Lessons in Culture from 90 Day Fiancé (Before the 90 Days)

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In this current time of lock-down and restricted living, we (in our house) have become hooked on the TLC television show ’90 Day Fiance: – Before the 90 Days. A simple overview of the show 90 Day Fiance: Before the 90 Days features Americans who believe they’ve found their soul mate online and are traveling to a different country to meet them for the very first time. The show shows the pathway from the internet relationship, to getting ready to travel, meeting their soulmate in a different country and then showing how the face-to-face relationship develops. During the trip, the American will get to know a practical stranger, uncovering truths and secrets that they never expected. At the end of the trip, they will either propose marriage or just simply walk away.

Sounds pretty reasonable and before you say it … yes it is another reality TV show. But … it got me thinking (after the 5th episode), where people are struggling with their relationship but also appreciating the cultural differences. And this brings me to the point of this blog post … there are a huge amount of lessons to be taken on how the participants are dealing with the cultural differences as they encounter their new partner but also their environment. Cultural appreciation is one of the key aspects of not only appreciating new environments but also being able to manage situations. A lot of the US folks that travel to new countries, they are not appreciating the cultural dynamics and hence are running into major issues.

Here are three of the major lessons that can be gleamed from the TV show: –

  • Be compassionate towards existing social bonds. One of the contestants Lisa goes to Nigeria where she fails to understand the bond between family, friends and associated colleagues. Extended families are still the norm and are in fact the backbone of the social system. Grandparents, cousins, aunts, uncles, sisters, brothers and in-laws all work as a unit through life. A family’s honour is influenced by the actions of its members and there is a strong tradition of mutual caring and responsibility among the members. She is attempting to rule based on what she wants and is dismissing the bonds that her partner has with his colleagues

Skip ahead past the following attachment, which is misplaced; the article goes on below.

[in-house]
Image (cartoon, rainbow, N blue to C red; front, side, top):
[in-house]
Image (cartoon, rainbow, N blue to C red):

• Understand how relationships are perceived. Another contestant Geoffrey travels to Russia to meet his partner and is shocked at the coldness / transactional nature of the relationship. Russians are transactional and do not need to establish long-standing personal relationships before they do business with people. Patience is essential and there is a need to prove your worth to be trusted. Sincerity and honesty is crucial as it is required to build trust, and trust is needed to build a relationship. An indication that you have successfully developed a personal relationship is being asked for a favour by that person.
  • Know what Society expects from you. The last participant is the New York lady called Stephanie and she is struggling with trust and the interaction that her partner expects of her. Australian culture is not very formal, so greetings are typically casual and relaxed. A handshake, smile and a simple ‘hello, how are you’ should suffice and this should be return in the similar fashion. There is no need for formality and relationships are conducted in a causal way. Trust is built through how you interface with you partner / colleague and not based really on what you do or give. Drop the guard and get on with it.

To Lisa, Geoffrey and Stephanie I wish ye the very best but what this TV Show has shown me, is how unprepared you were for the cultural differences that you were presented with. In turn, this caused major friction for you and your partner. For the rest of us, tune in for some prime time TV.

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